The Daily FINSUMMARY- sponsored by ETF Action
Sell-off. U.S. equity markets tumbled on global growth concerns and weak manufacturing data out of the U.S. and the Eurozone. For the first time since 2007, the 3-month treasury yield eclipsed the 10-year, officially inverting the yield curve which has historically been an indication of an ensuing recession. However, a great piece by Bianco Research points out that previous recessions were preceded by inversion for 10 straight days whereas this is just day one. Furthermore, recession isn't immediate following inversion. All major averages dropped with the S&P 500 (SPY -1.93%), the Dow (DIA -1.78%), and the Nasdaq 100 (QQQ -2.20%) falling nearly 2%.
Macroeconomic data was mostly negative on Friday. U.S. PMI came in weak and dropped to a six-month low, highlighted by manufacturing PMI hitting a 21 month low. To follow this up, indications of an unwanted inventory build is showing as wholesale inventories grew by a much larger margin M/M than expected. The inventories to sales ratio rose to 1.34 which last peaked in early 2016 at 1.38. However it wasn't all bad as February existing-home sales saw its largest M/M gain in over three years, surging 11.8% on lower mortgage rates, higher consumer confidence, more inventory, and rising incomes.
Earnings & Movers: Nike down (NKE -6.61%) after missing revenue estimates yesterday while Tiffany rose (TIF 3.15%) after beating on earnings but missing on sales due to declining Chinese tourism during Q4. For the week, nine S&P 500 companies reported earnings (1.32% of S&P 500 market-cap), eight of which beat earnings estimates, primarily came from the Consumer Discretionary sector (table below).
Large-caps (IVV -1.89%) outperformed small-caps (IJR -3.65%) in the risk-off atmosphere while defensive sectors offered some protection. Utilities (XLU 0.72%) led along with Consumer Staples (XLP -0.13%) while Financials (XLF -2.76%), Energy (XLE -2.71%), and Materials (XLB -2.98%) lagged. We have talked a lot about falling yields and banks this week, but it got got much worse on Friday for Banks (KBE -4.24%) as treasury yields plummeted. The industry finished down nearly 10% on the week.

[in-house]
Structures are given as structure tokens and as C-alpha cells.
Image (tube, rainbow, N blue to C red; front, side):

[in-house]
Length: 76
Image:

Developed ex-U.S. (EFA -1.92%) beat out Emerging markets (EEM -2.93%) but it was a sea of red across the globe. German (EWG -2.76%) manufacturing PMI was just plain bad. New orders slumped as the index dropped further into contraction territory which marks the third consecutive month of contraction and the lowest level since 2012. On a positive note (kind of), the EU granted a Brexit extension to May 22 if PM Theresa May can get the U.K. parliament on board with her plan. If not, a hard-Brexit is set for April 12.
Treasury yields fell drastically with the 10-year settling at 2.45%. The Ag (AGG 0.50%) benefited from the drop in yields while long duration (TLT 1.55%) outperformed short (SHY 0.17%). Investment Grade (LQD 0.61%) easily bested High Yield (HYG -0.36%).
Lower crude oil prices (USO -1.69%) weighed on broad commodities (DJP -0.87%) and the Dollar advanced modestly (UUP 0.19%). Gold (GLD 0.23%) benefited from the fall in equities while copper (CPER -2.06%) fell.